As occurs in B-cell ALL, also in T-cell ALL prognosis is influenced by cytogenetics. In a large trial cytogenetic analysis displayed an abnormal karyotype in 72% of patients, with complex karyotypes (≥5 abnormalities) in about 8% of cases, significantly impacting on prognosis (5-year OS 19 vs. 51%, p = 0.006) (11). An increasing number of molecular abnormalities have been associated with T-cell ALL and will be discussed in a dedicated paragraph.
First Therapy Line
Regarding therapy, in the first-line setting, the standard of care for fit patients consists of ALL-based pediatric-inspired regimens, incorporating induction (combination of steroids, anthracyclines, and vincristine), consolidation, delayed intensification, and maintenance with central nervous system (CNS) prophylaxis (12, 13). Addition of the enzyme l-asparaginase, and more recently its pegylated E. coli-derived form (PEG-ASP), characterized by longer half-life and less anti-drug antibody formation, has been demonstrated to significantly improve response rates and OS both in pediatric (14) and adult patients (15, 16). As occurs in B-cell ALL, indication to allogenic hematopoietic stem cell transplant (alloHSCT) in T-ALL in first remission is based on high risk features at diagnosis and is more and more frequently MRD-driven (17). CNS involvement at diagnosis is more likely in T- than in B-cell ALL (9.6 vs. 4.4%; p = 0.001) and has been associated with inferior 5-year OS due to an increased risk of both systemic and CNS relapse (18). The most common prophylaxis employed is the combination of high-dose IV methotrexate and intrathecal chemotherapy (7, 11). A randomized trial stressed the importance of the use of 5 g/sq.m. in T-ALL, higher than those used in B-cell ALL (19). As regards ETP-ALL, a Spanish multicentre study showed the worse prognosis to be ascribed to a lower response to induction therapy than to an increased relapse rate, suggesting that use of different schedules, such as fludarabine, cytarabine, G-CSF, idarubicin (FLAG-IDA), and other more myeloid-oriented chemotherapies, or FLT3-targeted therapies, may play an advantage in this subcategory of patients (20). Current consolidation strategies comprise a delayed intensification including drugs used in induction phase, followed by a 2-year maintenance with 6-mercaptopurine and methotrexate, pulses of vincristine and steroids, and additional IT CNS prophylaxis. Molecular-based and flow cytometry-based techniques allow reliable assessment of minimal residual disease (MRD), whose monitoring at precise timepoints is the standard of care for ALL patients treated with curative intent. The molecular method consists of identifying clone-specific rearrangement with Sanger on next-generation sequencing into the immunoglobulin heavy chain gene or T-cell receptor genes by using a large panel of consensus primers, generating patient-specific real-time quantitative polymerase chain reaction assays for quantification in about 90% of cases, with a quantitative range of 10−4. Despite variable definitions of “early” assessment of MRD (from 6 to 10–16 weeks from the start of therapy), plenty of studies in ALL have confirmed that early MRD response is the most powerful predictor of long-term survival in adult patients with ALL (21–23). Finally, myeloablative alloHSCT should be considered for high-risk T-cell disease. Allocation to alloHSCT may vary among study groups, but generally speaking, failure to achieve CR after induction therapy, high white cell count at presentation, high risk cytogenetics/immunophenotype, and MRD persistence at defined timepoints can all be used to allocate to transplant (11, 24, 25). As regards the subcategory of ETP-ALL, two trials demonstrated improvement in survival in ETP-ALL patients transplanted early in case of treatment resistance (20). Considered its better prognosis, consolidation with alloHSCT is not considered necessary in T-LBL, unless suggested by an adverse course of the disease (26).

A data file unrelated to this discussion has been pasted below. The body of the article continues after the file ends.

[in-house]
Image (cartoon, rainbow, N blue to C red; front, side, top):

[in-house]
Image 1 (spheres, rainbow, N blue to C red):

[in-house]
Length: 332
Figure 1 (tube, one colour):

About 80% of relapses occur within 2 years of diagnosis. With <7% of survival rate at 5 years (27), relapsed T-ALL has dismal outcome, and no standard strategies are available so far. Response rates using standard chemotherapy regimens such as FLAG-IDA are around 30–40%, with a median OS of 6 months in responders (28). Nelarabine is the only new agent specifically licensed for relapsed/refractory T-cell ALL/LBL. Used as single agent, this drug induced ORR of 14–55% in pediatric patients (29) and 41–46% in adults, with 1-year OS of 28% (30). Neurotoxicity is the major toxicity, affecting around 15% of patients, with more severe and irreversible cases in a minority of patients (31). Importantly, most of the patients obtaining a CR with nelarabine were able to proceed to alloHSCT.